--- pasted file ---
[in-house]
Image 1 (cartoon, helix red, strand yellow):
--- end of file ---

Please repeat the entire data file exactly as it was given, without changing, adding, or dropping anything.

[in-house]
Image 1 (cartoon, helix red, strand yellow):